Networks, geometry and evidence
Last week at the 19th Cochrane Colloquium in Madrid, Professor John Ioannidis from Stanford University gave a riveting talk about the geometry of the evidence. Among the hundreds of articles he has published, his 2005 paper on Why Most Published Research Findings Are False is the most downloaded technical paper from the journal PLoS Medicine with over 400,000 views. Without question, he is a leader in addressing controversial issues in biomedical research.
In his lecture, he advocated for agenda-wide views of research by using network meta-analysis. Traditional meta-analyses are useful to compare two interventions, or an intervention with placebo. But what happens when there are dozens of randomised controlled trials on many different medications for the same medical condition? For example, there are 68 antidepressant drugs to choose from, how do healthcare professionals determine which one is the most effective? In fact, Ioannidis conveyed it would probably be stupid to depend on a single meta-analysis.
Enter the network. Ioannidis has been leading the development of multiple treatment meta-analysis or network meta-analyses. In its simplistic form, the networks map out all the interventions for a known condition in a lattice or network design. The network displays the number of trials relevant for a certain intervention and illustrates how they connect (or do not connect) to each other. The pattern of the comparisons is called the geometry of the treatment network.
For example, there have been 69 trials for smoking cessation that compared nicotine replacement with no active treatment but zero trials comparing it with the drug varenicline (Champix). To make an informed decision, clinicians need information comparing interventions.
Also, when you look at funding of the clinical trials, you find that head-to-head comparisons of interventions owned by different companies are uncommon. In fact, you find many “auto-loops” showing that the majority industry sponsored trials examine a single intervention owned by the company. Worse still, when two companies sponsor the same trial, it is not due to altruistic cooperation but usually due to co-ownership of the same agents.
Although network meta-analysis offers a wider picture than a traditional meta-analysis, they combine large numbers of trials and comparisons into one academic paper, which Ioannidis pointed out is not good for researchers CV. The current framework encourages narrowly defined systematic reviews and clinical trials which demonstrate effectiveness rather than zooming out to look at the big picture. Networks, although providing a cross-section of a clinical field at one point in time, provide insight into the current evidence base and can identify where connections are missing.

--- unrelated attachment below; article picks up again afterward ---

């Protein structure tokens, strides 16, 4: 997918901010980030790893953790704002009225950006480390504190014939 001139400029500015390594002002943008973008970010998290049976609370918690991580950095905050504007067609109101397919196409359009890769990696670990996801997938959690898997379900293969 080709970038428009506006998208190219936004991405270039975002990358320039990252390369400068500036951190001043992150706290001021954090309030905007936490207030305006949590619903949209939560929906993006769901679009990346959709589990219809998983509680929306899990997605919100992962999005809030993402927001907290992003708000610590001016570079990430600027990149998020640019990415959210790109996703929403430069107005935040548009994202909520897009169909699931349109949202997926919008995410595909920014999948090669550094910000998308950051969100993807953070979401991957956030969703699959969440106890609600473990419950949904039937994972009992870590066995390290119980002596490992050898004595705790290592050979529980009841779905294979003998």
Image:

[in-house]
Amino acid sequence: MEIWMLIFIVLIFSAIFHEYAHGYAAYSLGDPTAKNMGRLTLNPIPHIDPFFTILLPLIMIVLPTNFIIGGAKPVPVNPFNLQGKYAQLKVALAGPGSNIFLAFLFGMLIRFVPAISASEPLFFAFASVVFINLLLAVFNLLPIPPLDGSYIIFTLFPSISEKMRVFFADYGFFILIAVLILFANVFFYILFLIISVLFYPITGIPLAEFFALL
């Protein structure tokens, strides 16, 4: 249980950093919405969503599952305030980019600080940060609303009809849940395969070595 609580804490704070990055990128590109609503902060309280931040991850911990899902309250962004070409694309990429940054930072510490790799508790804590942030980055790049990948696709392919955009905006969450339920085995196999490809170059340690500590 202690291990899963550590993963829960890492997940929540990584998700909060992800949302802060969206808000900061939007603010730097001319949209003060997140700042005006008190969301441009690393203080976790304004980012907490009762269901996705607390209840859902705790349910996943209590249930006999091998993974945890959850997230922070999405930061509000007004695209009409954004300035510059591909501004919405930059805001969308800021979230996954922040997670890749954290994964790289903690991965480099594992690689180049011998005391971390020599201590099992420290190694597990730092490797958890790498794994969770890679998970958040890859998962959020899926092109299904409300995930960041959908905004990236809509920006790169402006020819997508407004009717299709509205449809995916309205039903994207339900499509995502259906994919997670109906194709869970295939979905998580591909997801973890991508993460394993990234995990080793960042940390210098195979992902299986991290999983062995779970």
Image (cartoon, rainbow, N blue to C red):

Going back to the above example on smoking cessation, we need trials comparing nicotine replacement with to varenicline (Champix), not another study showing that nicotine replacement compared to placebo is effective. But the problem is that the latter is easy to publish with a large effect size, but the former will probably show no difference and not make BBC headlines.
Nothing is as good as Obecalp
It’s been tested in more clinical trials than any other drug in history. Even critics admit it is effective for mild pain, mild depression, and other ailments with subjective outcomes. It has fewer side-effects than most alternatives. And now you can buy a bottle containing 50 pills of it for £3.75 ($5.95).
It’s called Obecalp and it comes in cherry flavor.
Here’s the rub: Obecalp is ‘placebo’ spelled backwards. Their website admits: “Obecalp® is a placebo and is not intended to diagnose, treat, cure or prevent any disease, or illness”. It was designed for parents to please (‘placebo’ means ‘to please’) malingering children. But don’t placebos work because people believe they are ‘real’? If so, I’ve removed the fun – and potential benefit – of Obecalp you. Or have I?
A recent study suggests placebos work even if people know they are placebos. There are two plausible explanations for why this might be the case. The first is classical conditioning. Pavlov’s dogs salivated at the mere expectation of food after having associated the sound with imminent food, and your body might react after popping Obecalp after it has learned (over a lifetime) to associate pill popping with symptom reduction.
Another novel explanation comes from evolutionary psychology. Imagine it is the dawn of human evolution. You feel a flu coming on but a sabre-toothed tiger is attacking your clan. If your body evoked the full immune response there would be less energy for fighting the tiger. Your survival therefore depends on ignoring the flu and increasing circulation to the skeletal muscles required for fighting. (In fact, the ‘fight or flight’ response suppresses the immune system.) Thankfully, you and your fellow tribesmen scare the tiger away, and the fight or flight response subsides. Then an authority figure – an elder or shaman – tells you everything is okay. The message from the trusted figure let you know (perhaps subconsciously) that you won’t need to run or fight for a few days. You are free to lie down and let your body’s immune system get to work.